John Piper: The heart of God in the call to proclaim #TGC13

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My notes from John Piper’s session at TGC13′s World Missions’ pre-conference, “God’s Love Compels Us.” (All notes are paraphrased.)


Missions is not he same as local evangelism. Missions is the specialized calling of te church to plant the church and make disciples in areas where the church has yet to go.

There are approximately 3100 unengaged people groups in the world.

There are 98,000 evangelicals for each of the unengaged people groups of the world.

3100 people groups is small. We can do this of we will. The world, the devil, war against the will of the church to do this.

If this will is to be sustained, it will be by faith–and hearing by the word of Christ.

My job today is to strengthen your faith and your will and perhaps strengthen your call to this task.

Verses one through ten of chapter five ate additional reasons for by you should not lose heart in this ministry of the word and in the cause of missions.

You should have a joyfully serious courage in the cause of world missions. And this text gives four reasons for that–four foundations for real joyful courage.

Realism (5:1-5)

Few things are discouraging than shattered expectations–based on unrealistic expectations. And so Paul gives us clay pot expectations.

Four evidences of realism:

  1. We live in a tent not a building. He calls the body a tent, not a castle or a building. The point of calling it a tent is that tents aren’t very good against harsh weather. Therefore since this is where you live, you should be free of the expectation of escaping transience. We do missions in our bodies–they are frail and temporary.
  2. This tent may be destroyed. Not just shattered or wasting away but destroyed.
  3. Destroys the subjective grounding of the tent. We groan. Be burdened. All the time. While you live in the tent it’s going to groan. It has nerve endings and limits.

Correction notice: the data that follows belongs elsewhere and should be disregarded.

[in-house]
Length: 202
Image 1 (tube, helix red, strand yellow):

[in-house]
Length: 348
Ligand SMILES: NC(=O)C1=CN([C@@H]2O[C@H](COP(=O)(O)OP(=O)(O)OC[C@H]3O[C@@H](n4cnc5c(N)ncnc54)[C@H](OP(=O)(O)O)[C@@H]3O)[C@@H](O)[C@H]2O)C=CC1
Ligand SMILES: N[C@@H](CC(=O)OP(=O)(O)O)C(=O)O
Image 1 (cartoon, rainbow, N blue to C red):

4. Calls the Holy Spirit a down payment. It’s a guarantee. This word is right but only half right. It only gets half the meaning of the word. The point is it really is a down payment and only a down payment. We will someday have the rest of the down payment. But not now. Get used to it.

Resurrection.

Same five verses. Paul is proclaiming a redirection body–a building, not a tent. He ponders in these verses that he might die before the redirection and he doesn’t want that to happen. Unclothed refers to dying before the resurrection. The point is not release but resurrection.
What will it be like?

It will be a building not a tent. We have a building from God. A God-built building.

It’s like a house not made with hands. That’s very strange. Why would he say that? Not made with hands? It doesn’t come out of nowhere, it comes from Jesus. The word destroy and the word not made with hands is used in Mark 14:58—”I will destroy this temple made with hands and in three days make another not made with hands.” I think Jesus is saying Jesus built a temple when he was raised from the dead and Jesus will build us new bodies.

It’s eternal in the heavens. An eternal body, you’ll never ever be without a body when you get your resurrection body. It’s risky being a missionary in a tent. This is such a wonderful promise for us because if you have to watch people being thrown to the lions in the Colosseum or if you’re a missionary who watches her husband’s head cut from his head… We have a resurrection hope!

Reunion.

If we must die before the resurrection, we will be reunited with Christ. He was here in the flesh, we will be there with him in the flesh, though naked and unclothed and not in our final destination—but that, Paul says, is better than death. “We would rather be away from the body and be at home with the Lord.” Without verse eight we would almost certainly misunderstand verse four.

In verse eight, Paul says we don’t want to be unclothed. You might get the impression in the first five verses that bodiless existence is preferred to living within the body. But verse eight prevents us from going there. It’s only preferable as a step toward the final goal of being within the resurrection body.